Adventurers fuelled by TRIBE: Realising What You’re Made Of By Running Across Gran Canaria

TRIBE runner Jodie completed the TransGranCanaria 125km in 27hours 40mins, 6th in her category and the second youngest female runner. She shares her race journey…

I have never been so nervous for anything before in my life as I was in the lead up to take part in one of the toughest trail races in the world, TransGranCanaria 125km, an experience that has taught me so much about myself. Not only was I scared because of the race’s reputation, part of me knew that the odds were against me to climb the 7500 meters assent across the entire island within 30 hours - but I wanted with all my might to complete this challenge.

In the months leading up to TransGran, I did what I could and dedicated myself fully to preparing for the event. I worked my training around a busy life by setting the alarm a couple of hours earlier most mornings to get a morning workout. I’d then fit in another run most evenings, motivated by attending groups sessions, such as Tribe tempo workouts on a Tuesday in Shoreditch (of which I’d run to and then home from to get extra mileage). The weekends were my chance to get in some long mileage and venture to Surrey or Bristol with friends to practice as many hills as we could find. Luckily, a lot of my friends are runners too, so my social life became running, eating or another form of workout such as yoga to help aid a quick recovery.

24 hours to go: I became very focussed, made sure I was fully aware of what I had chosen to embark on, I carefully organised all of my kit list and double checked my equipment. I also had to prioritise myself, something I’m not always great at when with a group, but I made sure to take naps and some time to myself in order to focus.

Fuelling efficiently is key. My diet is vegan so I went to Gran Canaria prepared with half a suitcase dedicated to food. I also didn’t want to risk eating out. In our group we made up big batches of mixed grains, lots of cooked vegetables and plenty of avocados - this was delicious and great slow release fuel.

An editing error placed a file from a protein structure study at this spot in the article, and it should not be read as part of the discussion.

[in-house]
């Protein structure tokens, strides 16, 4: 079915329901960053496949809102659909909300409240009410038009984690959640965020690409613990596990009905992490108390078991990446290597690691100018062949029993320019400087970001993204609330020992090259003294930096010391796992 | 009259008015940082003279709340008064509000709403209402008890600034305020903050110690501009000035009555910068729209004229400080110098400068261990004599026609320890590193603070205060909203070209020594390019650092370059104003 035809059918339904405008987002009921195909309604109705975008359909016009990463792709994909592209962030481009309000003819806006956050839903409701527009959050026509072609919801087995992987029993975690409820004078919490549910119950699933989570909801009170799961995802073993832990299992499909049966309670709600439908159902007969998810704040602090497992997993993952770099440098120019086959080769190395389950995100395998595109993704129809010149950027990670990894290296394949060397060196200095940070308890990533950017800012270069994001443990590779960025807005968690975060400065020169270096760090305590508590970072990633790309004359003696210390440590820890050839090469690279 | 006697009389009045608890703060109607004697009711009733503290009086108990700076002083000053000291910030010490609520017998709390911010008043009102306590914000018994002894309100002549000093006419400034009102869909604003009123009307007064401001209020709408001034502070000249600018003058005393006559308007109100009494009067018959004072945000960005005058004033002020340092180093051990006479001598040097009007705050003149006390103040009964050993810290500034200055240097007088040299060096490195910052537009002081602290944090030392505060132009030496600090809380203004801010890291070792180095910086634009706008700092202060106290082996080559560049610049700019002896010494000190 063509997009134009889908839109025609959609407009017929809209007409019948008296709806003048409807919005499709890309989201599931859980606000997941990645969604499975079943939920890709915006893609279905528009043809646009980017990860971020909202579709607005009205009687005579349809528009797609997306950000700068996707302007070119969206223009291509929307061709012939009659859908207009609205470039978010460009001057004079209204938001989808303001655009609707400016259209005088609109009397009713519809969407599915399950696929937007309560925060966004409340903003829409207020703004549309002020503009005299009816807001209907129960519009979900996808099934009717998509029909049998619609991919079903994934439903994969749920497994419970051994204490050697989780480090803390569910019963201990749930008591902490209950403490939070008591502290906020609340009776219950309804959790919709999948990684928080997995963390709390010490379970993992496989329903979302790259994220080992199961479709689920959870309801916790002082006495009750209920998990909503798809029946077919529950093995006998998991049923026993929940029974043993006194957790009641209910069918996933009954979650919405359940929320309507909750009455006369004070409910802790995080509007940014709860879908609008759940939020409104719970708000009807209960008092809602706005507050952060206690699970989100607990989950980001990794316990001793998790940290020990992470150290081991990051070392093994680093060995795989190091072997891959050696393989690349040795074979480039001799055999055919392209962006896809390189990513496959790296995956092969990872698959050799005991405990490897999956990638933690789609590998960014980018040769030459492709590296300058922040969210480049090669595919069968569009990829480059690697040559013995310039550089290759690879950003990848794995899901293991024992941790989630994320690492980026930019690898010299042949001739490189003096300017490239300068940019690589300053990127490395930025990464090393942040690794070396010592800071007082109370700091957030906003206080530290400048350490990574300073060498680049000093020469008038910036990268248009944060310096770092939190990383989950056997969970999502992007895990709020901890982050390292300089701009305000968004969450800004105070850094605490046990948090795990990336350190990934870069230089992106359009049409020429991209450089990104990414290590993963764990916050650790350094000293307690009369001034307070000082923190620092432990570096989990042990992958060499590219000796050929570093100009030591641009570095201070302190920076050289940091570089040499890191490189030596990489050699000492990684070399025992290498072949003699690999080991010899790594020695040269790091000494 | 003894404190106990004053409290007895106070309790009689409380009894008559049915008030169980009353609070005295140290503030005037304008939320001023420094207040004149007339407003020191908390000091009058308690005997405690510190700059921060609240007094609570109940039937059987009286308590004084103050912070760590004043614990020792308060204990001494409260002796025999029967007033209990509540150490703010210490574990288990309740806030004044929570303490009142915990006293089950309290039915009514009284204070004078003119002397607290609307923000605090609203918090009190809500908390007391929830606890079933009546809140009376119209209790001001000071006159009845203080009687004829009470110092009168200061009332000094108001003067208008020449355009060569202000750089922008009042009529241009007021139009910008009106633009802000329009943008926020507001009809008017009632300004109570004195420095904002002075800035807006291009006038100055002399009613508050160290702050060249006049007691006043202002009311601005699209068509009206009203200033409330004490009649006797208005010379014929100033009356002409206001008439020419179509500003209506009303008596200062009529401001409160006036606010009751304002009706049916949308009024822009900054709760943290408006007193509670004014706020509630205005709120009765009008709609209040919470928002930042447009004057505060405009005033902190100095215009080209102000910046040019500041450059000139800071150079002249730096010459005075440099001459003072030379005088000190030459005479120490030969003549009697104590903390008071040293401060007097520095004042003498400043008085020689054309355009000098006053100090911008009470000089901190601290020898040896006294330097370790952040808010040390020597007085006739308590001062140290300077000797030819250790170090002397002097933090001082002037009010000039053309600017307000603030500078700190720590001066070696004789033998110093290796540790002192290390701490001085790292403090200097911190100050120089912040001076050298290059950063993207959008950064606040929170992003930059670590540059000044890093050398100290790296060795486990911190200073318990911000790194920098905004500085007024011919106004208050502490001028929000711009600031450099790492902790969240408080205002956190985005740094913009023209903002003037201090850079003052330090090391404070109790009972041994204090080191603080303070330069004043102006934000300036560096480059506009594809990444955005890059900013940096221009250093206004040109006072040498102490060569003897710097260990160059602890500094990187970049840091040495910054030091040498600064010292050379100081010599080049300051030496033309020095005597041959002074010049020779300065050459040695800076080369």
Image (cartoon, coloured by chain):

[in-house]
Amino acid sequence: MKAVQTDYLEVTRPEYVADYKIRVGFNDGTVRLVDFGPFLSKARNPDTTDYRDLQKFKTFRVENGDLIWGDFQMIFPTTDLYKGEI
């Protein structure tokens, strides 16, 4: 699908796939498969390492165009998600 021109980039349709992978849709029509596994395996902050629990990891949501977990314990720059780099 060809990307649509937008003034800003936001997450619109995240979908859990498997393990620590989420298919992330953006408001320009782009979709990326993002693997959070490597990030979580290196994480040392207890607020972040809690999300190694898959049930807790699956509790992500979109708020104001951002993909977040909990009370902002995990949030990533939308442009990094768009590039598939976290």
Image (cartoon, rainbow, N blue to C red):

Unsurprisingly, this race was a massive test for me, it’s the furthest distance, highest relative assent and the longest time on my feet with no sleep that I’ve tackled... so far. I went in with faith in my mind but not so much in my body - only a few weeks before race day, I was devastated to pick up an injury which meant I had to stop running to give myself even a chance of a miracle recovery. Even when we arrived in Gran Canaria and went for a 5km stretch-out run, my leg hurt. Safe to say I was worried.

The course was breathtaking: we had to scramble up rocky terrain; crawl through bamboo arches; pick our way through a sub-tropical jungle; climb through forests and see the island from its highest points.

During the hottest part of the day, slightly dehydrated with mild sunstroke and sleep deprivation finally toying with me, I had to face the steepest, longest climb of the event (over 1000 metres) at which I was almost convinced I was going to drop out. Yet, a tiny part of my brain somehow still had reason - though I was having a huge argument with myself to stop or keep going. So I did my checks - my body was not in pain, I had not been timed out and even if I wanted to drop out, the closest aid station was up that mountain. So, I told myself I must keep going, one step after another and not to worry about time.

Wow, the next aid station, El Garañón at 85km was where I revived! This is where the 125 km
runners’ drop bags were and also where the best pasta in the world can be found! I’m not normally one for pasta and I never drink coffee either, but two bowls of pasta and a cup of coffee later I was back in the game - I felt a wave of euphoria as I realised that I could keep going and had a knowing feeling that I would in fact finish. I changed my Run For Love II, Soar t-shirt for a long sleeved top as the second night was drawing in, donned a clean buff, restocked my salomon vest with more tribe bars, brushed my teeth and shared a few words with fellow runners (one guy who I’d met told me he had dropped out but that he had confidence in me - just these few words were inspiring and helped me power on) then I was off and more determined than ever.


A lot of people ask what you think about while running. Usually I’m super chatty, I love the the ultra/trail scene because tends to be very friendly and conversational. Typically, I think about all sorts of things from the people that inspire me to what I’m going to have for dinner. This time was different,from the off of TG125 I stayed very focussed, conserving energy and only thinking of that moment in time. I asked myself, “have I drunk enough?” “do I need food?” “how do my legs feel?”.

I’m so proud to be part of such an incredible event, make some amazing friends and even more proud to say that I completed TransGranCanaria 125km 2018 in 27hours 40mins, 6th in my category and the second youngest female runner.

To share the experience with 4 amazing friends, who I’d really got to know through the Tribe
community, was the best decision. Jonny, Ellis and Svitlana who completed the 64km option and Kate who had picked up an injury and meant she couldn’t take part in the 125km, had faith in me and were the best welcome party at the finish line at 02:41 am on a Sunday morning - only true friends would do that!


I cannot thank those who believed in me, and inspired me enough - both before and during the event. Without that positivity who knows if I would’ve had the mental strength to get through.